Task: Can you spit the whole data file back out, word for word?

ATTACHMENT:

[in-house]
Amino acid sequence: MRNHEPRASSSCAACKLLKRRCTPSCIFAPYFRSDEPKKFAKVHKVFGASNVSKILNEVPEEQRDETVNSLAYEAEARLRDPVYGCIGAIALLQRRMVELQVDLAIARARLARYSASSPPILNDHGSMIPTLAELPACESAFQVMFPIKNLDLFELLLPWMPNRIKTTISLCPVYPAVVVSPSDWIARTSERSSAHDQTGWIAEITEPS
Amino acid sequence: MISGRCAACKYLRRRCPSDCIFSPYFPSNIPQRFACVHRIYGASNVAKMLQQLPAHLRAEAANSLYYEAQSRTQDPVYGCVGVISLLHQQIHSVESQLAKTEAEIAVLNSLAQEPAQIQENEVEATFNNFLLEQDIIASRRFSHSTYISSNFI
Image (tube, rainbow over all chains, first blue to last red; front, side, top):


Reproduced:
[in-house]
Amino acid sequence: MRNHEPRASSSCAACKLLKRRCTPSCIFAPYFRSDEPKKFAKVHKVFGASNVSKILNEVPEEQRDETVNSLAYEAEARLRDPVYGCIGAIALLQRRMVELQVDLAIARARLARYSASSPPILNDHGSMIPTLAELPACESAFQVMFPIKNLDLFELLLPWMPNRIKTTISLCPVYPAVVVSPSDWIARTSERSSAHDQTGWIAEITEPS
Amino acid sequence: MISGRCAACKYLRRRCPSDCIFSPYFPSNIPQRFACVHRIYGASNVAKMLQQLPAHLRAEAANSLYYEAQSRTQDPVYGCVGVISLLHQQIHSVESQLAKTEAEIAVLNSLAQEPAQIQENEVEATFNNFLLEQDIIASRRFSHSTYISSNFI
Image (tube, rainbow over all chains, first blue to last red; front, side, top):